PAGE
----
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About the Author: John Eades is the CEO of LearnLoft, a leadership development company making virtual training easy and effective. He was named one of LinkedIn’s Top Voices in Management & Workplace. John is also the author of  Building the Best: 8 Proven Leadership Principles to Elevate Others to Success and host of the “Follow My Lead” Podcast, a show that transfers stories and best practices from today’s leaders to the leaders of tomorrow. You follow him on Instagram @johngeades.

With 1 Sentence John McCain Taught 3 Lessons For You to Remember About Leadership

There are those who speak about leadership and then, there are those who are leaders. John McCain is the latter. Surviving nearly six years as a Vietnam Prisoner of War, this great American hero went on to serve as Senator of Arizona. Despite his unsuccessful run for President in 2008, McCain’s achievements amounted to plenty.

On Saturday, August 26th, 2018, he lost his battle with Brain Cancer at the age of 81. McCain left us with copious amounts of insight, but for me, this quote holds the most weight:

“Nothing in life is more liberating than to fight for a cause larger than yourself, something that encompasses you, but is not defined by your existence alone.”

This is one of those loaded quotes that unless you unpack it doesn’t quite sink in or have the full effect. Here’s my interpretation that you may find applicable somewhere in your business.

Freedom shouldn’t be about just you.

Human beings are almost constantly chasing a feeling of liberation. By definition, liberate means, “to set (someone) free from a situation”. McCain knew quite a bit about being set free. During his time as a Prisoner of War in the Hanoi Prison, he was offered unconditional release a year into his stay. This he refused. His reasoning? He didn’t want to jump ahead of his fellow soldiers who had been imprisoned longer.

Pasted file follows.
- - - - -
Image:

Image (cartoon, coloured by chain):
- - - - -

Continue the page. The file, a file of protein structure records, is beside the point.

By today’s standards, McCain would likely have been chastised for seemingly passing on the opportunity to return home. Despite this, I’d venture to guess that he wouldn’t have cared what others were thinking. No matter where you’re at in your career, whether it be running a billion dollar startup or dreaming of your next big idea, don’t ignore this example. Make sure the freedom you desire isn’t focused on you sitting on a beach by yourself.

Fight for a cause bigger than yourself.

It wasn’t because McCain acted inherently against the grain that he was given the nickname of “Maverick”. It was due to the lack of importance he placed on which side of the political aisle someone sat on. His driving force was always doing what was right for the American people. This was McCain’s true cause.

Had his sights not been set on making the United States a better place to live, McCain inevitably would have lost momentum. Fighting for something bigger than yourself and more impact than the monetary, as McCain did, will keep you grounded in your mission. Connect to consumers through your business and hang onto the reason why they need your products or services. In being able to do so, you’ll find that your business improves.

Don’t let your job define you.

While it would have been easy for McCain to return from war and settle into famous oblivion, this decorated veteran chose the opposing route. He didn’t want to hide behind his Silver Star, two Legion of Merits, Distinguished Flying Cross, three Bronze Star Medals, two Purple Hearts, two Navy and Marine Corps Commendation Medals or Prisoner of War Medal. McCain made the decision to be defined by the kind of man, husband, father, grandfather, and friend he was rather than his job.

This doesn’t mean McCain didn’t do all that he could to become President of the United States. He did, however, maintain who he was at his core instead of letting his dreams and goals consume him.